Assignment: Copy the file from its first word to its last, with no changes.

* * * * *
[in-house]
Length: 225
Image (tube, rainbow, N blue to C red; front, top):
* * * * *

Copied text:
[in-house]
Length: 225
Image (tube, rainbow, N blue to C red; front, top):